City Council approves 24th Street widening

BAKERSFIELD, Calif. (KBAK/KBFX) After years of debate, studies and meetings, the Bakersfield City Council voted Wednesday evening to approve a plan to widen 24h Street through downtown.

The Council voted 6-1 to certify the final environmental-impact report and OK the 24th Street improvement project.

The plan calls for widening 24th Street through downtown and expanding 23rd and 24th streets from three to four lanes in each direction between D and M streets.

The plan also requires demolishing 23 single-family homes and eliminating about 300 parking spaces.

The vote means the city can begin the process to contract professional services to complete the final design of the project and begin property acquisition efforts.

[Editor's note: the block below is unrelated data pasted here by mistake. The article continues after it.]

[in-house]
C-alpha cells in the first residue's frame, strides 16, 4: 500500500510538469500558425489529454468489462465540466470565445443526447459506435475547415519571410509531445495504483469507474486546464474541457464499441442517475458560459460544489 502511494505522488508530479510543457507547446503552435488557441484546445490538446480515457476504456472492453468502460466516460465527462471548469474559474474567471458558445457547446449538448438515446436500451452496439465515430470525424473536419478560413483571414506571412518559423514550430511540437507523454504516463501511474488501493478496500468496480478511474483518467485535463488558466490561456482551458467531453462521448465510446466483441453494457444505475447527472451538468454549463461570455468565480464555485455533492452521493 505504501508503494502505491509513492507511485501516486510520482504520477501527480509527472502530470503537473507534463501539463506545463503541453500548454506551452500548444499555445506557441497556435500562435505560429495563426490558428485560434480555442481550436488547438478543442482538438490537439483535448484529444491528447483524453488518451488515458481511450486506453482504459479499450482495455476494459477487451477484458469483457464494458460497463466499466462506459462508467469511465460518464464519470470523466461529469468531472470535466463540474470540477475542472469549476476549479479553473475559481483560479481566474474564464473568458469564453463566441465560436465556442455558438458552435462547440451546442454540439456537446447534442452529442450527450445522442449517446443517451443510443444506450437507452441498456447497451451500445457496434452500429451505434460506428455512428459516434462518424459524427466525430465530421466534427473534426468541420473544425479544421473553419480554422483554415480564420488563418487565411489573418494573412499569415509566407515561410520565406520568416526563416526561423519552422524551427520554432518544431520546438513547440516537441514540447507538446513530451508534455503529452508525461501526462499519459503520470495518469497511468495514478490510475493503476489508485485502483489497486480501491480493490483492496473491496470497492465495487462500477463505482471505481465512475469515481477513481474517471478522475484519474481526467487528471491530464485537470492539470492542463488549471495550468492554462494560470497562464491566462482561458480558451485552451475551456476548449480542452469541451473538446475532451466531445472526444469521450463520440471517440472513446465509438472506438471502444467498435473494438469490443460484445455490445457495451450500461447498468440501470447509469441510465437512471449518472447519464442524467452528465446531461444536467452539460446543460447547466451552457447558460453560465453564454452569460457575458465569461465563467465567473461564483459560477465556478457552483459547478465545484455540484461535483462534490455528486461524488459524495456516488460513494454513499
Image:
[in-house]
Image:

Opponents of the plan urged the City Council to reject the project.

Vanessa Vangel, a Westchester resident and a member of Citizens Against the Widening Processes, reminded Council members that the vast majority of people who had signed petitions opposed the project.

Councilman Terry Maxwell, who represents Ward 2, sided with opponents. Maxwell called the EIR "seriously flawed" and said that it was "not credible" and failed to take several issues into consideration.

But, city staff have said widening 24th Street is a matter of public safety and will reduce traffic congestion.

Vangel said the fight isn't over. She said her group has a Plan B and will regroup.